According to the article, the Diamondbacks wanted Willie back for 2014, but the market for his services was moving quickly. “We like him a lot and would love to have him back,” Towers said. “But my sense is there are going to be some clubs after him aggressively early.” Hmm. A free-agent battle for a 36-year-old Willie Bloomquist. Well, I’ll be.
Apparently, the booming market for Willie Bloomquist resulted in the Seattle Mariners outfoxing their competition by signing Bloomquist to a two-year, $5.8 million deal. That’s not a bad chunk of change for “Mr. Replacement Level” (when the Moneyball-like film comes out about “Mr. Replacement Level”, Bloomquist will be played by Ben Foster, the Willie Bloomquist of Hollywood. If you don’t know who Ben Foster is, well, that’s why he’s the Willie Bloomquist of Hollywood).
Bloomquist was close to his typical self in his first season back with the Mariners, accounting for 0.1 WAR despite an ugly .297 OBP (and that was with a .356 BABIP). Once again, he was tabbed to fill in at every position on the diamond except for catcher and center field. He only stole one base, though, and had the lowest walk rate and highest strikeout rate of his career. It almost looked like age was catching up to Willie Bloomquist, but that could not possibly be true because Willie Bloomquist had seemingly not aged in more than a dozen years.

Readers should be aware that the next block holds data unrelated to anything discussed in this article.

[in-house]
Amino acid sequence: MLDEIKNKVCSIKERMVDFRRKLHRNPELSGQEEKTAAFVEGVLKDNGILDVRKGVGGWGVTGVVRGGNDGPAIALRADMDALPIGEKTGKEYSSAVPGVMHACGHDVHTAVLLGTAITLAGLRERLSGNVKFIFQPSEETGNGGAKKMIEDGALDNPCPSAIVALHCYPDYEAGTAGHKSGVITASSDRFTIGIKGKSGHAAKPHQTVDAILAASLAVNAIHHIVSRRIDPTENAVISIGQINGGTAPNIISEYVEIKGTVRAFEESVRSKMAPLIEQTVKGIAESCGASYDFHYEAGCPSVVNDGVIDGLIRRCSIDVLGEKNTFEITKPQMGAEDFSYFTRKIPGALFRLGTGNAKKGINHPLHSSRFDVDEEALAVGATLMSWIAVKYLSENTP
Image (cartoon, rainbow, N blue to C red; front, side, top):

Sadly, it may be the end of The Willie Bloomquist Experience. His intangibles couldn’t make up for a .159/.194/.174 batting line and the Mariners have designated him for assignment. Maybe he will be picked up by another Major League team (or the Phillies) and he’ll bang out a .265/.315/.340 stretch one last time.
Despite his 14 years of ever-so-slightly-above replacement level play, I have to give credit to Willie Bloomquist. He played hard and he was willing to man most any position on the diamond. If you needed a bunt, Willie would bunt. In his early days, he could pinch-run and steal you a bag in a high-leverage situation. He must have been a great guy in the clubhouse to last as long as he did and he may not be done just yet. Jeff Francoeur hasn’t been above replacement level since 2011 and he’s still playing. As long as Francoeur continues to get work, there’s hope for Willie Bloomquist. If he isn’t signed by a Major League team (or the Phillies), he can be proud of what he accomplished in the big leagues.